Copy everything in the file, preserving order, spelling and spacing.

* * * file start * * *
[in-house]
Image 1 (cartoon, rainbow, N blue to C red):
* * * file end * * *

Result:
[in-house]
Image 1 (cartoon, rainbow, N blue to C red):